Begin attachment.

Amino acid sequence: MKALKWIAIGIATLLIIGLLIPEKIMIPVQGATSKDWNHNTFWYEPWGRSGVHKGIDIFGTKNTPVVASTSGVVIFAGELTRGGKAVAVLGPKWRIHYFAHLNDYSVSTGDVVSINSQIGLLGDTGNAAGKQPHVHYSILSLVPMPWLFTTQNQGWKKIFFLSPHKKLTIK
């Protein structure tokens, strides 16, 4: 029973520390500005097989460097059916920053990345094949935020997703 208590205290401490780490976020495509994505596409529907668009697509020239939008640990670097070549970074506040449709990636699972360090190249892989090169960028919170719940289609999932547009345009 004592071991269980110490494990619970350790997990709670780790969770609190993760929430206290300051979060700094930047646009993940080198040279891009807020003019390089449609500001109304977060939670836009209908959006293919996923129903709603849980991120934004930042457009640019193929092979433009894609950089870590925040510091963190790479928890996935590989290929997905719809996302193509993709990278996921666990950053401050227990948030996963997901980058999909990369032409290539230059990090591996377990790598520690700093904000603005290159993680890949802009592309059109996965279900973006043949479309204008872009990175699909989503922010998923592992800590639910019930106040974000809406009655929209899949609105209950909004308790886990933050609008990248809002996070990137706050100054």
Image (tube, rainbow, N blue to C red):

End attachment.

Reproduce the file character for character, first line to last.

Amino acid sequence: MKALKWIAIGIATLLIIGLLIPEKIMIPVQGATSKDWNHNTFWYEPWGRSGVHKGIDIFGTKNTPVVASTSGVVIFAGELTRGGKAVAVLGPKWRIHYFAHLNDYSVSTGDVVSINSQIGLLGDTGNAAGKQPHVHYSILSLVPMPWLFTTQNQGWKKIFFLSPHKKLTIK
């Protein structure tokens, strides 16, 4: 029973520390500005097989460097059916920053990345094949935020997703 208590205290401490780490976020495509994505596409529907668009697509020239939008640990670097070549970074506040449709990636699972360090190249892989090169960028919170719940289609999932547009345009 004592071991269980110490494990619970350790997990709670780790969770609190993760929430206290300051979060700094930047646009993940080198040279891009807020003019390089449609500001109304977060939670836009209908959006293919996923129903709603849980991120934004930042457009640019193929092979433009894609950089870590925040510091963190790479928890996935590989290929997905719809996302193509993709990278996921666990950053401050227990948030996963997901980058999909990369032409290539230059990090591996377990790598520690700093904000603005290159993680890949802009592309059109996965279900973006043949479309204008872009990175699909989503922010998923592992800590639910019930106040974000809406009655929209899949609105209950909004308790886990933050609008990248809002996070990137706050100054």
Image (tube, rainbow, N blue to C red):